“Man is a slow, sloppy, and brilliant thinker; computers are fast, accurate, and stupid.”
― John Pfeiffer
Every web designer I know, including myself, has experienced an utter absence of creativity at the time it is needed most. A deadline is coming up in a few hours, or 5pm is minutes away, and we are stuck. The creative mind has its ebbs and flows. But the tide metaphor stops there. Unlike the tide, creativity is not predictable.
When the creative mind stops working, don’t count all your time as lost. There are a few things you can do to kickstart your creativity.
The first thing you need to do is step away from the computer. Computers are tools. They can not create ideas or solve abstract problems. Their primary role in the creative process is to execute ideas with unparalleled precision. Before we can turn to the computer, we need to go completely analog.
The sketching process — pencil on paper — engages the creative side of the brain in a way that a keyboard and mouse simply cannot. Sketching out ideas onto paper allows you to quickly explore an idea from several different perspectives. There are very few limitations and fewer distractions to prevent a good idea from escaping your brain.
And it’s portable. A pencil and paper can go anywhere with you. Go draw in the other room, or at the corner coffee shop. Sometimes, a change of venue is all you need to get the ideas going again.
Whether you live in the city or the country, get outside and stop thinking about your current creative project. Let it go. When we are exposed to the linear nature of architecture, or the abstract, organic outdoors, our minds soak it all in. Our surroundings are capable of engaging all our senses, and will influence our creative ideas in ways we can not quantify.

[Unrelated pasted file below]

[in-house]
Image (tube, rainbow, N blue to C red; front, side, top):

I love the city as much as I do the mountains and I have found equal inspiration exploring both. Wandering through crowded cities and empty forests has sparked some of my best ideas. But you have to be open to them.
Visit a museum
Get inspired by some of your peers, both past and present. Museums hold the works of our most well known artists and are the best way to get exposed to a lot of different creative ideas at once.
Sure, you could do a Google image search and shuffle through hundreds of photos in a few short minutes. But that sort of exercise doesn’t compare to standing in front of the original artwork, noticing the brush strokes, or the indentations the pencil made in the paper. Try to get inside the mind of the artist and you will notice your own mind loosening it’s grip on your shackled creativity.
There are brainstorming exercises designed specifically to unearth your most useful ideas in the shortest amount of time possible. Find some methods that fit your creative approach and use them. Brainstorming exercises may seem unappealing and rote, but they work.
Many of the world’s largest creative agencies, who are coming up with brilliant ideas day after day, use similar brainstorming exercises to reach their highest creative potential. So should you.
Photo credit: r. nial bradshaw